The Government has launched a new taskforce to find long-term homes for people currently housed in emergency accommodation, the first step in what they say is a plan to end rough sleeping after the Covid-19 pandemic.
Homelessness tzar Dame Louise Casey has been put in charge of the taskforce to provide rough sleepers “long-term, safe accommodation” once they are able to leave the hotels, hostels and other short-term homes where many are currently housed. She will work with local authorities to ensure that rough sleepers don’t have to return to the streets.
The taskforce will also be in charge of ensuring that their short-term physical and mental health needs will be met while people are in lockdown in emergency accommodation over the coming weeks.
This national effort has potentially helped to protect thousands of lives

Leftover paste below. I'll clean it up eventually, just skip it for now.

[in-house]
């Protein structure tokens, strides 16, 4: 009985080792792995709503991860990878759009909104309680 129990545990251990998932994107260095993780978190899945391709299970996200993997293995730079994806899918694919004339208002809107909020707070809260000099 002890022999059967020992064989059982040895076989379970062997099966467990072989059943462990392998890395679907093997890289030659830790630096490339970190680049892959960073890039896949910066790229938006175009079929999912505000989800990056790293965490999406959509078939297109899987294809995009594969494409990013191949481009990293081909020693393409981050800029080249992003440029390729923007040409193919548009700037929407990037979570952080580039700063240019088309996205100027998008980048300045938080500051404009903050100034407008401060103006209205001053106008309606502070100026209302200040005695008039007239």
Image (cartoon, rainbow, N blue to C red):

Communities Secretary Robert Jenrick also confirmed that more than 90 per cent of rough sleepers known to councils have been offered accommodation – although not all have accepted that offer, such as Truro Big Issue vendor Craig who feared for his safety when coming into contact with others.
And there have also been reports of people leaving hotels or being removed after struggling to adapt to the rules and demands of their new surroundings. It underlines the difficulty of a one-size-fits-all approach to ending rough sleeping.
And that’s why the much-vaunted Housing First approach – which has seen success in Finland and increasingly in Scotland – is focused on wraparound support that is tailored to the individual once they are housed.